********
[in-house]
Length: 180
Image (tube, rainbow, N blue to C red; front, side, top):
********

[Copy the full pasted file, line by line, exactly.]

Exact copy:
[in-house]
Length: 180
Image (tube, rainbow, N blue to C red; front, side, top):